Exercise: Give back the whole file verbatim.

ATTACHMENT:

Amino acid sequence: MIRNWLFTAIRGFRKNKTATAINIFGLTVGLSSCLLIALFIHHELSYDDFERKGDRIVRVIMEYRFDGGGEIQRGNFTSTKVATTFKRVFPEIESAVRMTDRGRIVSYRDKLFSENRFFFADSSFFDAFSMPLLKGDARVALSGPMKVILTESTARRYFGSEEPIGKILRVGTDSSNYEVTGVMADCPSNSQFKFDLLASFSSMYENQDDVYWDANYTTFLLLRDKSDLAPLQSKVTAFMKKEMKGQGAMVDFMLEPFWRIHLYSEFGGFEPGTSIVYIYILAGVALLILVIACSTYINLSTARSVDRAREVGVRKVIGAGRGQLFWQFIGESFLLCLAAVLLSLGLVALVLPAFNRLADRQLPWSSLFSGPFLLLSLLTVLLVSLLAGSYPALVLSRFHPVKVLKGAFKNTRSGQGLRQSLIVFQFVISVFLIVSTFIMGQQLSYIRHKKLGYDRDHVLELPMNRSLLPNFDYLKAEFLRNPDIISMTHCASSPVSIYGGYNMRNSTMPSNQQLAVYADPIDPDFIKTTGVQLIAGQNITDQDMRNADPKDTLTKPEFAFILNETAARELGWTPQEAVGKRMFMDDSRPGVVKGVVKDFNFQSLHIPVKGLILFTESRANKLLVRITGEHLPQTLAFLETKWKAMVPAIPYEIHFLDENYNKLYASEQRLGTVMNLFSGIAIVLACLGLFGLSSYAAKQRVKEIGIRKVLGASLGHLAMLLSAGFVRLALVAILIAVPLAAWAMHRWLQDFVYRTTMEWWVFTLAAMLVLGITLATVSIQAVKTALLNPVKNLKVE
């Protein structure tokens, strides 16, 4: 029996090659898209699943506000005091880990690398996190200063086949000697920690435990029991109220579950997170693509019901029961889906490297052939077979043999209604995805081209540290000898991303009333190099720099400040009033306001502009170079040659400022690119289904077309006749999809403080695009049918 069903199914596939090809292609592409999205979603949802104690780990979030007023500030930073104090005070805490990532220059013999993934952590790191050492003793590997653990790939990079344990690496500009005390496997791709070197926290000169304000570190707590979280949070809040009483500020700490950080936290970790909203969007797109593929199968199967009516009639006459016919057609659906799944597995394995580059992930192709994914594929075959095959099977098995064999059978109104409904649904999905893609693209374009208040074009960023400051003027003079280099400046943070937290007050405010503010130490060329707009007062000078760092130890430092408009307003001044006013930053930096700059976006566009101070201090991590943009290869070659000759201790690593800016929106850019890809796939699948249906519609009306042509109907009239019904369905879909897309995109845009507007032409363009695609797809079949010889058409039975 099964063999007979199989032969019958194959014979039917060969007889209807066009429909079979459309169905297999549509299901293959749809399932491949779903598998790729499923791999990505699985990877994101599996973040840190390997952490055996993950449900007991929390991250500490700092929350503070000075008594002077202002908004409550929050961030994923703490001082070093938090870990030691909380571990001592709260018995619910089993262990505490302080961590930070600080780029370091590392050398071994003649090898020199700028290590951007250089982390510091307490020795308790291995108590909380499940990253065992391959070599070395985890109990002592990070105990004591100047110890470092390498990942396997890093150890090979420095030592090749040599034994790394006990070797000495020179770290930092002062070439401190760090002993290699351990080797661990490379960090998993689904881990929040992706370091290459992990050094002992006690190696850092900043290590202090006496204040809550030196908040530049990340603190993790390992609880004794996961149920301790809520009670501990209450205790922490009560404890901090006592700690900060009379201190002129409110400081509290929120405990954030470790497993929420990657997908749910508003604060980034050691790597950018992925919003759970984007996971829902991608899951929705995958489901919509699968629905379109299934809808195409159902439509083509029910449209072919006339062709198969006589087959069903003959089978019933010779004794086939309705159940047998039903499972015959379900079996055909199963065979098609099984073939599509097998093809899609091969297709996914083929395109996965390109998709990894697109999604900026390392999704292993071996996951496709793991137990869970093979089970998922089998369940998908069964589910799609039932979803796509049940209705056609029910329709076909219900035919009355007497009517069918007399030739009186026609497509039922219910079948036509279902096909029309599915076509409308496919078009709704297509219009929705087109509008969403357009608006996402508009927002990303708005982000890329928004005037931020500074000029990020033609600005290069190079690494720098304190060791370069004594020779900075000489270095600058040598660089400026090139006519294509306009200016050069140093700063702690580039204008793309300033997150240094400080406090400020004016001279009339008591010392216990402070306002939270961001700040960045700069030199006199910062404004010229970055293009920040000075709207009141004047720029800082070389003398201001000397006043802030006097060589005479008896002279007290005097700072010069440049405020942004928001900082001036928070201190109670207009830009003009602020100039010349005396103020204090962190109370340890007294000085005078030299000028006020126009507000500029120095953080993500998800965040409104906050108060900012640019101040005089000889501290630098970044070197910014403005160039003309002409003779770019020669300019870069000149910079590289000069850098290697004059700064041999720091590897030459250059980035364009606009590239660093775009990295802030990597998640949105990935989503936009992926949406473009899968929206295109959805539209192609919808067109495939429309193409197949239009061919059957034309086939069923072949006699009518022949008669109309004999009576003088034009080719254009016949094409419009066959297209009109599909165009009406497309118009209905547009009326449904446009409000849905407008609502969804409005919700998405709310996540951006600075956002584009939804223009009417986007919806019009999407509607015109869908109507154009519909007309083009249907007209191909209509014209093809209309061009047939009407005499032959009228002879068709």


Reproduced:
Amino acid sequence: MIRNWLFTAIRGFRKNKTATAINIFGLTVGLSSCLLIALFIHHELSYDDFERKGDRIVRVIMEYRFDGGGEIQRGNFTSTKVATTFKRVFPEIESAVRMTDRGRIVSYRDKLFSENRFFFADSSFFDAFSMPLLKGDARVALSGPMKVILTESTARRYFGSEEPIGKILRVGTDSSNYEVTGVMADCPSNSQFKFDLLASFSSMYENQDDVYWDANYTTFLLLRDKSDLAPLQSKVTAFMKKEMKGQGAMVDFMLEPFWRIHLYSEFGGFEPGTSIVYIYILAGVALLILVIACSTYINLSTARSVDRAREVGVRKVIGAGRGQLFWQFIGESFLLCLAAVLLSLGLVALVLPAFNRLADRQLPWSSLFSGPFLLLSLLTVLLVSLLAGSYPALVLSRFHPVKVLKGAFKNTRSGQGLRQSLIVFQFVISVFLIVSTFIMGQQLSYIRHKKLGYDRDHVLELPMNRSLLPNFDYLKAEFLRNPDIISMTHCASSPVSIYGGYNMRNSTMPSNQQLAVYADPIDPDFIKTTGVQLIAGQNITDQDMRNADPKDTLTKPEFAFILNETAARELGWTPQEAVGKRMFMDDSRPGVVKGVVKDFNFQSLHIPVKGLILFTESRANKLLVRITGEHLPQTLAFLETKWKAMVPAIPYEIHFLDENYNKLYASEQRLGTVMNLFSGIAIVLACLGLFGLSSYAAKQRVKEIGIRKVLGASLGHLAMLLSAGFVRLALVAILIAVPLAAWAMHRWLQDFVYRTTMEWWVFTLAAMLVLGITLATVSIQAVKTALLNPVKNLKVE
């Protein structure tokens, strides 16, 4: 029996090659898209699943506000005091880990690398996190200063086949000697920690435990029991109220579950997170693509019901029961889906490297052939077979043999209604995805081209540290000898991303009333190099720099400040009033306001502009170079040659400022690119289904077309006749999809403080695009049918 069903199914596939090809292609592409999205979603949802104690780990979030007023500030930073104090005070805490990532220059013999993934952590790191050492003793590997653990790939990079344990690496500009005390496997791709070197926290000169304000570190707590979280949070809040009483500020700490950080936290970790909203969007797109593929199968199967009516009639006459016919057609659906799944597995394995580059992930192709994914594929075959095959099977098995064999059978109104409904649904999905893609693209374009208040074009960023400051003027003079280099400046943070937290007050405010503010130490060329707009007062000078760092130890430092408009307003001044006013930053930096700059976006566009101070201090991590943009290869070659000759201790690593800016929106850019890809796939699948249906519609009306042509109907009239019904369905879909897309995109845009507007032409363009695609797809079949010889058409039975 099964063999007979199989032969019958194959014979039917060969007889209807066009429909079979459309169905297999549509299901293959749809399932491949779903598998790729499923791999990505699985990877994101599996973040840190390997952490055996993950449900007991929390991250500490700092929350503070000075008594002077202002908004409550929050961030994923703490001082070093938090870990030691909380571990001592709260018995619910089993262990505490302080961590930070600080780029370091590392050398071994003649090898020199700028290590951007250089982390510091307490020795308790291995108590909380499940990253065992391959070599070395985890109990002592990070105990004591100047110890470092390498990942396997890093150890090979420095030592090749040599034994790394006990070797000495020179770290930092002062070439401190760090002993290699351990080797661990490379960090998993689904881990929040992706370091290459992990050094002992006690190696850092900043290590202090006496204040809550030196908040530049990340603190993790390992609880004794996961149920301790809520009670501990209450205790922490009560404890901090006592700690900060009379201190002129409110400081509290929120405990954030470790497993929420990657997908749910508003604060980034050691790597950018992925919003759970984007996971829902991608899951929705995958489901919509699968629905379109299934809808195409159902439509083509029910449209072919006339062709198969006589087959069903003959089978019933010779004794086939309705159940047998039903499972015959379900079996055909199963065979098609099984073939599509097998093809899609091969297709996914083929395109996965390109998709990894697109999604900026390392999704292993071996996951496709793991137990869970093979089970998922089998369940998908069964589910799609039932979803796509049940209705056609029910329709076909219900035919009355007497009517069918007399030739009186026609497509039922219910079948036509279902096909029309599915076509409308496919078009709704297509219009929705087109509008969403357009608006996402508009927002990303708005982000890329928004005037931020500074000029990020033609600005290069190079690494720098304190060791370069004594020779900075000489270095600058040598660089400026090139006519294509306009200016050069140093700063702690580039204008793309300033997150240094400080406090400020004016001279009339008591010392216990402070306002939270961001700040960045700069030199006199910062404004010229970055293009920040000075709207009141004047720029800082070389003398201001000397006043802030006097060589005479008896002279007290005097700072010069440049405020942004928001900082001036928070201190109670207009830009003009602020100039010349005396103020204090962190109370340890007294000085005078030299000028006020126009507000500029120095953080993500998800965040409104906050108060900012640019101040005089000889501290630098970044070197910014403005160039003309002409003779770019020669300019870069000149910079590289000069850098290697004059700064041999720091590897030459250059980035364009606009590239660093775009990295802030990597998640949105990935989503936009992926949406473009899968929206295109959805539209192609919808067109495939429309193409197949239009061919059957034309086939069923072949006699009518022949008669109309004999009576003088034009080719254009016949094409419009066959297209009109599909165009009406497309118009209905547009009326449904446009409000849905407008609502969804409005919700998405709310996540951006600075956002584009939804223009009417986007919806019009999407509607015109869908109507154009519909007309083009249907007209191909209509014209093809209309061009047939009407005499032959009228002879068709």